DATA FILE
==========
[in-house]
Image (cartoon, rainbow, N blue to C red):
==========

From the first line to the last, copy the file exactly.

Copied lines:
[in-house]
Image (cartoon, rainbow, N blue to C red):